The Theory of Chaos

Wednesday, February 06, 2008

MOVIE REVIEW - National Treasure: Book of Secrets

Full review behind the jump

National Treasure: Book of Secrets

: Jon Turteltaub
: Story by Gregory Poirier and Cormac Wibberley & Marianne Wibberley & Ted Elliott & Terry Rossio, Screenplay by “The Wibberleys” (Cormac Wibberley and Marianne Wibberley), based on characters created by Jim Kouf and Oren Aviv & Charles Segars
: Jerry Bruckheimer, Jon Turteltaub
: Nicolas Cage, Justin Bartha, Diane Kruger, Jon Voight, Helen Mirren, Ed Harris, Harvey Keitel, Bruce Greenwood, Ty Burrell

This is something I almost never do: see a sequel without seeing the original picture. But I was wandering around Chicago with a friend on a blustery January day, and I’d seen everything else that the warm, inviting multiplex had to offer, and he promised me that there was nothing essential to the first movie that he couldn’t explain to me in sixty seconds.

He turned out to be right, and
National Treasure: Book of Secrets (all the hip sequels are using colons and subtitles these days) turns out to be better than getting damp in Chicago snow for two hours. What I mean to say is that it is a success in terms of its own goals, which are to divert you for awhile with a professionally-prepared menu of pitfalls and puzzles and movie stars being charming. Producer Jerry Bruckheimer can knock these things out like Thomas Kinkade does creeks.

It is a movie that has learned exactly two things from Alfred Hitchcock: 1) Mt. Rushmore makes a dilly of a film location, and 2) a movie’s length should be determined by the carrying capacity of the audience’s bladder. Rarely does a movie so precisely avoid wearing out its welcome, probably because rarely is that so near to its grandest ambition.

The adventure features Benjamin Franklin Gates (Nicolas Cage), a treasure hunter whose ability to miraculously tease together arbitrary or just plain made up nuggets of Masonic lore, historical trivia, and ephemera about our founding fathers rivals the famed televised duels of wit between Adam West’s Batman and Frank Gorshin’s Riddler. His job is to discover squirreled-away hoards of gold so massive that they would capsize the world’s economy and likely trigger a few medium-sized wars. Cage is the right movie star for this role, since he has the ability to treat this like it’s a really cool way to spend a weekend.

He gets into his latest mission out of family pride, when a mysterious Southerner named Mitch Wilkinson (Ed Harris) steps forward with some heirlooms that suggest one of Gates’ ancestors was a co-conspirator in the assassination of President Lincoln. Harris can drip sinister on demand like a fine-tuned espresso machine, but his character’s machinations end up as far less than meets the eye. He’s really only a villain to the extent that somebody’s got to squeeze off a few rounds of ammo and trigger a car chase just to meet quotas.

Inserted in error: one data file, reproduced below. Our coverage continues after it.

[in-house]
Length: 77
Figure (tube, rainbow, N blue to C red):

Gates always understood that his great-umpty-great grandfather’s role in this long-ago story was not to help the plotters, but to destroy the code phrase they had brought to him to decrypt – a pointer leading to the legendary Lost City of Gold, which the rebels hoped to use to finance a few more years of Civil War. So Gates decides that he has no choice but to find that treasure, since if it exists, that must mean his ancestor was innocent. I believe that the website would agree with me in identifying this as an example of “Affirming the Consequent”, since the question of the existence of a City of Gold is no direct means of proving whether or not a dead code-breaker assisted John Wilkes Booth. Maybe in a future sequel, Benjamin Franklin Gates will use the “No True Scotsman” fallacy to prove that the McGuffin can’t capture lions in the Scottish highlands.

Anyway, Gates’s pursuit of the myriad clues leading to the City will logistically demand breaking into the private office of the Queen of England, and kidnapping the President of the United States (Bruce Greenwood) in order to get a look at the fabled “Book of Secrets”, which is passed down from one Chief Executive to the next, and contains the answer to every conspiracy crank’s wildest fantasy. Emotionally, it will require that Gates reunite with his on-again, off-again paramour Abigail Chase (Diane Kruger), put up with more chuckles from wisenheimer geek squad sidekick Riley Poole (Justin Bartha), and get his long-divorced parents (Jon Voight and Helen Mirren) talking again.

We get lots of dramatically-whooshing shots of famous international monuments, and elaborate soundstage sets depicting cavernous mazes filled with low-tech but devious traps. There’s lots of peril, and leaping across chasms, and rumbling noises on the soundtrack depicting falling boulders of medium-size, or the coming of thousands of gallons of water. Cage gets to do some James Bond-like skulking around in a tuxedo at the Mount Vernon Estate and in the Library of Congress, invariably avoiding the combined scrutiny of the police, FBI, and Secret Service. Voight and Mirren are fun to watch as a pair of scholars not too old to remember how much their own treasure hunting used to turn them on. The jokes are pretty amusing, and the movie knows when it’s time to move it along.

It takes a lot of money to make a movie like National Treasure: Book of Secrets, not the equivalent of a City of Gold, but certainly a sum that even ten years ago would be reserved only for the most extravagant productions. If there’s art to it, it’s the kind of art that might go into making Nestle’s hot cocoa powder – something that travels well, doesn’t offend in the memory, and provides general satisfaction to as broad a swath of the population as possible. I’ve had some fun at National Treasure’s expense in this review, but I feel not a drop of malice for it. On a cold day in Chicago, something that’s capably generic still warms me up.


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